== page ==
Senators LOTT and COCHRAN have stated that the pace of reconstruction in their home State of Mississippi and the other Gulf States is ``unacceptable.''

Despite the assertion of the administration that the Nation's ``small business sector is vibrant,'' Senator Lott has said that the slow pace of approving disaster loans ``is preventing small businesses from coming back and jobs from returning or being created. Not unexpectedly, the unemployment rates in the two largest coastal counties, Harrison and Jackson, are more than quadruple the national average.''

Senator Lott is absolutely correct, and we need to do something about it.

So far, the best efforts of the Senate have been stymied. One bill passed 96-0 in the Senate during consideration of CJS. That was dropped in conference. Another bipartisan bill, S. 1807, the Small Business Hurricane Relief and Reconstruction Act, has been blocked by the White House since September 30. That is almost 2 1/2 months.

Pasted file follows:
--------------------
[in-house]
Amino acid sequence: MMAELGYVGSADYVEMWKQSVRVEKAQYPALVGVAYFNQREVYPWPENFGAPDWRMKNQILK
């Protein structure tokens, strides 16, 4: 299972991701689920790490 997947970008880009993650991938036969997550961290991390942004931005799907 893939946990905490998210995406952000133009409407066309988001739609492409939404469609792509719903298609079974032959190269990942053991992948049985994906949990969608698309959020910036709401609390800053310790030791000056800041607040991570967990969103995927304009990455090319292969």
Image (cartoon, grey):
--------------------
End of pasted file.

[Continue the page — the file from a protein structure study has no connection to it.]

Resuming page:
Small business owners such as Dr. Edward Lang and Dr. Angela Lang, who rushed to complete their disaster loan application in the weeks following the hurricane, believing that assistance was going to be there, have been told that everything was going to be done to help people recover. They have gone months now without hearing any response from the SBA whatsoever.

In the immediate aftermath of the storm, their small but successful podiatry office based out of New Orleans was deluged with 5 feet of water.

With their savings all but gone, and the ever-shrinking list of patients, all of whom have been displaced by the storm, the Langs are in dire need of assistance. They want to stay there. They want to rebuild their business there. It is essential to New Orleans that people who make that choice are empowered to be able to do so.